Deconstructing Woody

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Is comedy a young man's game, like skateboarding or sex? Writing jokes, creating droll characters--these take ambition, ingenuity and energy, and after decades of devotion to this voracious muse, a fellow can get pooped. He still knows the rhythms (ba-da-dum or ba-da-bing) but has run out of witty variations. He's vamping, working from the Catskills version of muscle memory. His obsession is just a job; he's confecting comedy not from inspiration but from habit.

That seems the case with Woody Allen, 66, whose Hollywood Ending, his 32nd film as writer-director, is now on display. So is a documentary, Woody Allen: A Life in Film, handsomely produced by TIME contributor Richard Schickel and airing May 18 on Turner Classic Movies, along with an 18-film retrospective. Thus Woodyphiles and Woodyphobes alike have the chance not only to hear the auteur discuss his body of work but also to measure the early movies against the more recent stuff. Alas, it's no contest. Youth wins again.

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In his new film Woody plays Val Waxman, a once hot director, now out of fashion, who gets the chance to direct a big-budget movie thanks to the urging of his ex-wife, a studio executive (Tea Leoni in an appealing, intelligent performance). Just before shooting starts, Val gets a case of psychosomatic blindness and must keep his infirmity from the cast and crew. This could be funny if Allen had either the gags to sustain it or the gift of physical comedy to embody it. He has neither, and the film plays like an endless prank call to an industry that passed him by.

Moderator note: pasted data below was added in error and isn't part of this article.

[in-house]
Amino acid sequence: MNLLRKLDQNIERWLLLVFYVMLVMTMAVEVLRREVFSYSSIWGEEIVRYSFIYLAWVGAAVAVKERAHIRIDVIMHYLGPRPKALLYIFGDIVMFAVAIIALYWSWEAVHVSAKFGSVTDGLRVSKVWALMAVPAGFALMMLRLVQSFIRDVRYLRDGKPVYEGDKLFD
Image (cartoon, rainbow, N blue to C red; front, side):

In Ending, most of the men dwell in a vaudeville Valhalla (the three main males are named Val, Hal and Al), while the women are the familiar Woody types, exasperated wife and perky bimbo--all played by actresses who weren't born when Allen wrote and starred in his first movie, What's New Pussycat. Allen's need to play cute with women a generation younger used to seem predatory. Now, with him fully looking his age, it's just pathetic.

His view of women remains puerile: hostility toward mature ones (hate the mother), letch for young ones (love the daughter). At least in Deconstructing Harry he was forthrightly misogynist. But he never seems more condescending to women than when he's ostensibly loving them, as with Leoni. That may be why some of his best jokes idealize masturbation. In Annie Hall he called it "sex with someone you love." He has another good line here: "The nicest thing about masturbation is after. The cuddling time."

Movie critics like to cuddle too; they want their favorite filmmakers to keep making favored films. And Allen has had skeins of terrific movies: Zelig, Broadway Danny Rose, The Purple Rose of Cairo, Hannah and Her Sisters and Radio Days in the mid-'80s and the lesser, still pleasing run of Husbands and Wives, Manhattan Murder Mystery, Bullets over Broadway and Mighty Aphrodite in the mid-'90s. So, as we near the mid-'00s, can we hope for another blossoming? It would be nice if the Woodman had one more return to top form--an invigorating dose of comic Viagra.